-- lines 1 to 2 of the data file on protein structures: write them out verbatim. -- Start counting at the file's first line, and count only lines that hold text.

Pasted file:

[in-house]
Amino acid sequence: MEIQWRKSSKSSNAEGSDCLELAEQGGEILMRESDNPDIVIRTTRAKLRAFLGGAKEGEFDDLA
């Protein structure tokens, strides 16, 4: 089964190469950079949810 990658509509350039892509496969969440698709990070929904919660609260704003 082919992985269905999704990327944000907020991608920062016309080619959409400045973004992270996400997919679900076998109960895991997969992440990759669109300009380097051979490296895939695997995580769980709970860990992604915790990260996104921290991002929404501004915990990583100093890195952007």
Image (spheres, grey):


[in-house]
Amino acid sequence: MEIQWRKSSKSSNAEGSDCLELAEQGGEILMRESDNPDIVIRTTRAKLRAFLGGAKEGEFDDLA